A University of Lincoln scientist has partnered with another academic to become the first in the world to reproduce a complete copy of an ‘anti-tumour antibiotic’.
Dr Martin Lear at the University of Lincoln and Professor Masahiro Hirama, based at Tohoku University in Japan, became the first scientists in the world to create a total synthesis of this highly unstable natural product.
The scientists cracked the chemical code of an incredibly complex ‘anti-tumour antibiotic’ – Kedarcidin – after around 20 years of dedicated research.
It has revealed new ways to combat drug-resistant bacteria and fight cancer. The study explains that researchers managed to reproduce the substance synthetically. It should open the door for other researchers and organisations to look as using Kedarcidin in more research and potentially new drug treatments.
Kedarcidin is known to be highly effective against cancer cells as well as drug-resistant bacteria. It has now been reproduced synthetically in the lab for the first time. It works by causing DNA damage to its target but also in its structural complexity.
The substance was discovered in its natural form by a pharmaceutical company when they extracted it from a soil sample in India almost 30 years ago. Scientists have been trying to reproduce it since.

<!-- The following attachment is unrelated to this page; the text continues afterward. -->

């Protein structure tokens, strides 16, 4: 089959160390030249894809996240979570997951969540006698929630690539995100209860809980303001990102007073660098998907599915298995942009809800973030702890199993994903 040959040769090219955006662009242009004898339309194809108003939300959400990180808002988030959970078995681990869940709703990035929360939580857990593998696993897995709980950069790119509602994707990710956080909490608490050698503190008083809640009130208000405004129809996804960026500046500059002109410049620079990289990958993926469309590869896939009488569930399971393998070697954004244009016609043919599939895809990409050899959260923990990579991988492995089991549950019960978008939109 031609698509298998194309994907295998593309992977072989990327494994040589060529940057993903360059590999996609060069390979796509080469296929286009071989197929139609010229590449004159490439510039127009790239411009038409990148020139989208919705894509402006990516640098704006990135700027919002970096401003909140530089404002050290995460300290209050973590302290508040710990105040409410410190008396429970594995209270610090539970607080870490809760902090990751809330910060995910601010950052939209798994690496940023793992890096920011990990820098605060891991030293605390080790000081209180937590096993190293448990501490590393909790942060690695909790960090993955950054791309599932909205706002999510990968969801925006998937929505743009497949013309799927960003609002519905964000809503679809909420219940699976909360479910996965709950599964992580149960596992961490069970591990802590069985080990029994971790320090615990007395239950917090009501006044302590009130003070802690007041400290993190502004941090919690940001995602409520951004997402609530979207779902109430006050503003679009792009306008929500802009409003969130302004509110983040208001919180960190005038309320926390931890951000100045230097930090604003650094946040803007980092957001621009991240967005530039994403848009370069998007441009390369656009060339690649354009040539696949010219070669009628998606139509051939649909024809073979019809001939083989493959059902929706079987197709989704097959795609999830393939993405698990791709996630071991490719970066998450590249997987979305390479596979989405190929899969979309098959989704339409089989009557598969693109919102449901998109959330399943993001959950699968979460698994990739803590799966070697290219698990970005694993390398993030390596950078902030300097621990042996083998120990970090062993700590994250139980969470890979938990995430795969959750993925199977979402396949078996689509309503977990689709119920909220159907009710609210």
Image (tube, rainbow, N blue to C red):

Due to its complex structure it hasn’t been possible to reproduce it in its most complete and accurate form until now. Unlike many other antibiotics that focus solely on killing bacteria, Kedarcidin is also capable of harming tumour cells and has potential as an effective cancer treatment.
Reader in the School of Chemistry at the University of Lincoln, Dr Martin Lear, said: “Following its discovery in soil it took 10 years to determine the molecular structure of kedarcidin. With a reactive core protected by a protein cloak, it resembles something like a scotch egg!
“In 1997, I began the long journey of making kedarcidin’s reactive core with Professor Hirama, who was recently awarded the highest honour for a scientist in Japan. We basically needed to piece together a molecular puzzle of remarkable difficulty and then develop new ways of making the jigsaw pieces. 20 years later we have finally solved the puzzle.
“This extraordinary journey has revealed new molecular insights and promising mechanisms for fighting cancer and combating drug-resistant bacteria, and it has challenged the frontiers of chemistry and biology. Now the new biological knowledge and chemical ability we have can be used to develop the next generation of antibiotics and anticancer agents.”